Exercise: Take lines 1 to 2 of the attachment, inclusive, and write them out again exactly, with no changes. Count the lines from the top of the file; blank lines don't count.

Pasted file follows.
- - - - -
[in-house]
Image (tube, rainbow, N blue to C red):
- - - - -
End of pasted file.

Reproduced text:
[in-house]
Image (tube, rainbow, N blue to C red):